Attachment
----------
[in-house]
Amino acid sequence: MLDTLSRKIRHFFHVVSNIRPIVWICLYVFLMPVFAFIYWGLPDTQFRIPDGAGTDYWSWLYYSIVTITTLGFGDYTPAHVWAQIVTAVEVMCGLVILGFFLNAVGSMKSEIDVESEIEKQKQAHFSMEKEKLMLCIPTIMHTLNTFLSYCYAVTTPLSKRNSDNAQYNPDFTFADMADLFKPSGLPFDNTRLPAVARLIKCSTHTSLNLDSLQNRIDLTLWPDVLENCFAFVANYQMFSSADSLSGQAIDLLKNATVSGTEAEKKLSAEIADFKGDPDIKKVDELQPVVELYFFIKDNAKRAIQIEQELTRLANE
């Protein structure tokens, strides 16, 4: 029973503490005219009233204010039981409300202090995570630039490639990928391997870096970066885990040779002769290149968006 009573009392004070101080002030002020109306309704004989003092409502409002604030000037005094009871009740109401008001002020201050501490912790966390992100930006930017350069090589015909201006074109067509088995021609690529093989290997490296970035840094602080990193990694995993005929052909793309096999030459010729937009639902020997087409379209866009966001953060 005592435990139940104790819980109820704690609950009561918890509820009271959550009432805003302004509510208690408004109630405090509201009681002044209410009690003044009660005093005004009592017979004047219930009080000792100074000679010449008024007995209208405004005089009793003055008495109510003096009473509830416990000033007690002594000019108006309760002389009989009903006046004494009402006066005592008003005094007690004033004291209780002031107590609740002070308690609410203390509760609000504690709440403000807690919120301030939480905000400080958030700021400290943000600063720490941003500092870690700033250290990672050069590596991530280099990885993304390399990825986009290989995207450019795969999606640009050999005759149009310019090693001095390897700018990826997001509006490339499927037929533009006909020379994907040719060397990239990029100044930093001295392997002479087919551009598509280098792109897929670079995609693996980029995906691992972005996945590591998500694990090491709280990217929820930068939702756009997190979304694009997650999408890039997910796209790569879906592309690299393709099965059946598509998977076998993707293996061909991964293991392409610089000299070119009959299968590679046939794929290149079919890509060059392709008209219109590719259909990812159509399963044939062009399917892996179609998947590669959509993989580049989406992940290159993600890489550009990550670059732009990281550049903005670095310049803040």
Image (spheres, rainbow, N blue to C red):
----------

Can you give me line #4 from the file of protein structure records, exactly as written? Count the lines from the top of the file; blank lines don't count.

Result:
Image (spheres, rainbow, N blue to C red):